How Sridevi dethroned all things serious with her endearing performances in films like Chaalbaaz, Chandni
Sridevi gave us, unlike any female actor, the emancipation of play.
By Nisha Susan
The 1975 movie Julie begins as a tribute to the overheated and fecund. Julie, played by a ripe and coy Lakshmi, is dying to sleep with her best friend’s brother Shashi and eventually does. One night in her bed at home, she twists, writhes and moans ‘Oh Shashi.’ And from the darkness comes an annoyed and shrill ‘What man!’ from younger sister Irene.
12-year-old Sridevi making her Bollywood debut started as she meant to go along, constantly at odds with the boring and the boringly sincere.
Sridevi made us fall in love with the texture of artifice. Sequins, feathers, glitter. Masks. Transparent umbrellas. Wet saris. Snake dances and enormous headgear. Even her high, improbable voice was deliciously unstable, an auditory soufflé and a constant joke about femininity. It wasn’t accidental that Sridevi’s roles so often involved double roles and subterfuge – the twins Anju and Manju in Chaalbaaz, the mother and daughter roles of Lamhe and Khuda Gawah, the opening sequence as an Afghan man in Khuda Gawah, a whole costume store in Roop ki Rani Choron Ka Raja. So much so that the ostentatiously white and ‘simple’ clothes she wore in Chandni seem to wink their fancy dress quality disrupting the alpine Yash Chopra imagination.
The feminist potential of movies and female actors obviously lies beyond neatly emancipatory mein meri astitiv ko doondhne ja rahi hoon endings. Sridevi gave us, unlike any female actor I can think of, the emancipation of play. The dethroning of the serious, as Susan Sontag defined the nature of camp, existed in every sequin, every muscle of her incredibly mobile face, every flutter of those gol-gol eyes. For every girl schooling herself with teeth gritted to sundar-cum-susheel, Sridevi was jailbreak, a wobbly leap over the wall.
You could teach Sridevi’s Anju Bharatanatyam but she might just tandav away from both home and balma.
To me, her closest cinematic ancestor always seemed to be Shammi Kapoor, in his all dancing, all singing, many=a-costume-change glory. And much like my late uncle Modi wanted to grow up to be either Shammi Kapoor or Shammi Kapoor’s driver, I wanted to grow up to be either Sridevi or one of Sridevi’s costumes.
Years later when I saw Sridevi in Gauri Shinde’s English Vinglish I was fascinated by the disappearance of the mobility, of her be-stilled face. She was playing a woman coincidentally called Shashi, a middle-aged woman newly in America and shocked that she was supposed to think less of herself because she didn’t speak English. Back then I wondered if “English Vinglish is the dystopic sequel about the distorted afterlives of Anju, Manju and all the other girls we so admired in school.”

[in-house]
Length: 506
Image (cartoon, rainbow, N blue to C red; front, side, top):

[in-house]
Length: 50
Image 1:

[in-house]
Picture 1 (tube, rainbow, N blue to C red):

In school, a smart friend told me that she had liked Tezaab so much because Anil Kapoor had done every crazy, violent thing he did in the movie for Madhuri Dixit. My school friend had been moved by the lung-filling idea of Madhuri inspiring so much sab kuch jala do in a man. But any sense of epic romance in Tezaab had passed me by. It hadn’t occurred to me at all. My memory of Tezaab goes straight from the numerical Madhuri to the surprisingly effective Chunkey Pandey lullaby.
But in the department of Filmi Women Who Change the Destiny of Filmi Men I was more struck by the final frames of Chaalbaaz, where Sunny Deol and Rajinikanth both look bedazzled by their respective versions of Sridevi. They looked grateful and uncertain about how they had gotten so lucky. As grateful and uncertain as we feel today.
In school I read Filmfare and Stardust and Cineblitz and Nana, magazines that said things that would raise the hair of anybody used to today’s carefully processed celebrity pablum. In throwaway paragraphs they made homoerotic implications about Anil Kapoor and Jackie Shroff and moved on blithely to the next snippet garnered, they assured us, from behind a potted plant. One of those magazines wrote that Sridevi was inclined to wear ‘revealing’ clothes when she felt overweight and cover up when she was feeling thin. This was reported bitchily as if it was pathetic, but to my pre-teen self this promise of billowing fat seemed like a wonderful sleight of hand by someone who dressed like the magician’s assistant but was actually the magician.
And that feeling is what I remembered when I watched English Vinglish and concluded back then that “like a feathered hat, like a sequined headdress, Sridevi was making her stillness work to tell us that we have no idea what’s happening behind the blank faces of the sweet, trembling-voiced Shashis we think we know.” Oh Shashi. What, man!
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